Mike Left explores the flip side of Seychelles, bats and all.
Scrap the misconceptions of Indian island paradises if you’ve never visited one, or if you have and never ventured beyond the manicured beaches of the resort estates of places like 115-island nation of Seychelles then you may also need a reality check.
The archipelago hosts as much beauty in its people as it does for its turquoise sea and impossibly exquisite scenery. These are the islands where bats, not birds, rule the skies and kids still walk to school in a nod to the day when childhoods were simpler, but with all the advantages of a modern and increasingly prosperous nation.
Nightlife apparently isn’t good enough for the Seychelles fruit bat. Hoards of leather-winged creatures fill the skies in bright sunshine to chow down on mangos, bananas, palm seeds, native berries, breadfruit, while they’ve also acquired a taste for avocados grown locally.
As dusk falls they fight in the jungle for spaces in the best trees – the alpha males always landing last and scattering the weaker onto lower branches in a cacophony of bat squeals that are creepy to the new listener. The locals of course have found that there is a plus side to having noisy bats as companions in the dense tropical jungles where their houses are; that benefit being a ready supply of bat meat that is an island delicacy (and mine is due to be served later this evening!). Where I’m staying tonight is high on the slopes of a granite mountain near Ans Aux Pins. It’s a 2km drive down to the main road and another 3km to the local school that sits on the coast.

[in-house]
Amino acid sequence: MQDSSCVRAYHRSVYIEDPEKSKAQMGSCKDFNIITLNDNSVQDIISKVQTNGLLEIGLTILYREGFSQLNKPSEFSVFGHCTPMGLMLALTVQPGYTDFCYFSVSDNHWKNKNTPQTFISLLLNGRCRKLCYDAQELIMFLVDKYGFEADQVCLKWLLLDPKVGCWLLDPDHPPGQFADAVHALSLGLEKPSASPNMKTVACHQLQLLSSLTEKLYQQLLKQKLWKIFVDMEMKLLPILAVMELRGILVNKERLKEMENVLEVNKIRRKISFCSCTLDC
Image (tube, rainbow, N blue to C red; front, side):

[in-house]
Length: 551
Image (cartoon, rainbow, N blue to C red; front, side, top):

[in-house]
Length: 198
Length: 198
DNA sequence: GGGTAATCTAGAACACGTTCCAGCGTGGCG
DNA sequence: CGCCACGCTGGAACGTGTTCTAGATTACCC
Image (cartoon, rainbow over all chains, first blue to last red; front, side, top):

Spiderman, Minions and various Disney characters adorn the backpacks of the pre-schoolers who bounce along in noisy groups while elder brother, sisters or friends from the adjoining high school shepherd them around cars and trucks in the morning rush. Mobile phones blare out Seychellois Segar or Moutia style music and the whole procession is too familiar for those of use old enough to have enjoyed school days where the journey to and from class was an unannounced part of our education.
Frosty the Sandman
Its winter here at the moment but the dress code still nods to the less-is-more concept. Winds are blowing from the west from the distant Madagascar and the east African coast and though impressively violent blankets of rain come and go without warning, it all occurs around mild, pleasant temperatures; so far removed from the harshness of any place in winter not in and around the equator.
Should you come to Seychelles if you ever get the opportunity? 100% yes.
Should you look for something away from the honeymoon experience and get off the tourist track? Affirmative again.
Should you seek out live Seychellois Segar or Moutia music? You’d be foolish to miss the beats. Should you ditch the hire car and walk with locals? I’ve found the locals to be friendly and sincere people, but you get to choose on this one.
Should you eat the bat meat?
Well, that I can’t tell you about right now. Ask me in the morning.